Even theoretically, the consequences of radiological terrorism are quite low. In a dirty bomb, most of the harm comes from the explosion. The radioactive material creates an increased risk of cancer while adding to potential clean-up costs. Even in the most extreme forms, the primary harm is as a weapon of mass disruption: closing an important port, say, until a costly clean-up can be completed. Although inciting a nuclear meltdown could conceivably cause mass harm, it’s extraordinarily difficult due to existing protections and the administration’s “radioactive material security” program does not appear to do anything for nuclear power plant security anyway. Compare the radiological terror consequence to a nuclear terrorist attack that could destroy a city, or an extreme bioterrorism attack that could conceivably kill more people than have died in the COVID-19 pandemic. The difference is stark.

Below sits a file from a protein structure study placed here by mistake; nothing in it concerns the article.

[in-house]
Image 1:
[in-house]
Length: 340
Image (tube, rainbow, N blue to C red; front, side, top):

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In fairness, the accessibility of radiological material drives the risk. Blood transfusion devices in many hospitals use highly radioactive cesium-137, for example. Even household smoke detectors can have very small amounts of radioactive material, though a massive amount would be required to make a dirty bomb of any consequence. The memorandum, therefore, is useful in risk reduction, even if radiological terrorism does not deserve such a high priority in the administration’s anti-terror plans.